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GDPR and American Public Libraries

by Erin Berman, Innovations Manager, San Jose (CA) Public Library, erin.berman@sjlibrary.org on June 7, 2018

Is your library GDPR compliant? Read on to find out more about these new regulations and how they may impact your library.

Why is everyone updating their terms of use and privacy policies?

Have you and your patrons been wondering why your inboxes are being flooded with emails announcing updates to Terms of Use and Privacy Policies? While we have heard a lot more about privacy concerns in the news lately, these updates are being driven by one thing in particular, GDPR or the General Data Protection Regulation.

What is GDPR?

In 2016, the European Parliament passed sweeping legislation to provide citizens with a greater level of control over their personal data and require businesses to protect the personal data and privacy of EU citizens for transactions that occur within EU member states. Companies and organizations were given two-years to get in compliance with the new regulations or face heavy fines. May 25, 2018 is the date that GDPR goes into effect.

What are the new regulations?

There are several main changes that companies must now follow. If they are not in compliance they will be fined 4% of annual global turnover or €20 Million (whichever is greater).

  • Breach Notification: Companies must notify users within 72 hours of a data breach.
  • Right to Access: Everyone has a right to their own information. If requested, personal data must be turned over, free of charge, in an electronic format.
  • Right to be Forgotten: If there is information about you online that is harming you then you can request to have it removed. Companies will have to take into account the public interest in the information.
  • Data Portability: Companies need to provide your personal information to you in a commonly used and machine readable format that can be transferred to another service.
  • Privacy by Design: When designing services (e.g., websites, apps), businesses must consider how to keep user information protected. It should be built into the design, not an afterthought.
  • Data Protection Officers: All companies must assign someone to be responsible for overseeing their data protection strategy and compliance with GDPR requirements.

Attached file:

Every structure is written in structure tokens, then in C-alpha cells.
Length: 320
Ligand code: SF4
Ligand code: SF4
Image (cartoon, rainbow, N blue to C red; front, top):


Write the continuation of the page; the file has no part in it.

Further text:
Who does this effect?

You may be asking yourself, “What in the world does this have to do with me, isn’t this just a EU regulation?” Well, yes and no. GDPR effects any business that handles the personal data of someone living in the EU. As we all know, the internet is worldwide. Many businesses have customers living not only in Europe, but the United States, Australia, Brazil, etc. GDPR requires companies to change how they collect, store, and share customers’ information. Instead of restricting that to just those living in Europe, many are choosing to bring the new requirements to all their customers. This is why all of us in the United States are seeing the updates to Terms of Use and Privacy Policies.

Due to the Right to Access provision in GDPR you can now request a copy of all the data a company has collected about you. Sometimes this has to be done in writing, while others are starting to roll out instant downloads.

What privacy regulations do we have?

The United States has yet to adopt any broad privacy regulations like GDPR. However, some states do have their own privacy laws. For example, California implemented their own Online Privacy Protection Act (CalOPPA) in 2014. This law that requires commercial websites and online services to post a privacy policy. CalOPPA applies to any person or company in the United States (and conceivably the world) whose website collects personally identifiable information from California consumers.

Why does this matter to public libraries in the United States?

Don’t go and hit the panic button at your library if you are not in compliance. Those of us who only serve patrons living in the United States do not have to follow these regulations. However, GDPR effects many of our library vendors who have customers in the EU. That is why you’ve seen many of them updating their policies and procedures to be in compliance with the new regulations.

Most major internet companies have customers in the EU meaning they have to be GDPR compliant or face large fines. Anyone who goes online will now have more control over their personal information and hopefully have better safeguards in place to protect their data. Although we do not have to be in compliance with GDPR for our data, many of your patrons will likely have questions about it. Understanding the basics will help staff build patrons’ privacy literacy and feel comfortable with the changes they’re seeing online.

Libraries also have an ethical responsibility to act as privacy havens for our patrons. We can learn from GDPR by conducting our own internal privacy audits to ensure we, and our vendors, are protecting patron data. Get started today by checking out all the fantastic resources on ALA’s Choose Privacy Week website.



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